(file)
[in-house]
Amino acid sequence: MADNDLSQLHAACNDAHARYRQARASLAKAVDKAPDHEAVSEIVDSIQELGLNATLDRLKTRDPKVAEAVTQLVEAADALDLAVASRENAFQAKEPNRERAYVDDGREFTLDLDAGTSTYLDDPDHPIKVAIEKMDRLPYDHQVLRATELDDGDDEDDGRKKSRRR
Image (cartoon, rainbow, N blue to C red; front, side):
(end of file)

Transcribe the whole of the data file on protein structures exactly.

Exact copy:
[in-house]
Amino acid sequence: MADNDLSQLHAACNDAHARYRQARASLAKAVDKAPDHEAVSEIVDSIQELGLNATLDRLKTRDPKVAEAVTQLVEAADALDLAVASRENAFQAKEPNRERAYVDDGREFTLDLDAGTSTYLDDPDHPIKVAIEKMDRLPYDHQVLRATELDDGDDEDDGRKKSRRR
Image (cartoon, rainbow, N blue to C red; front, side):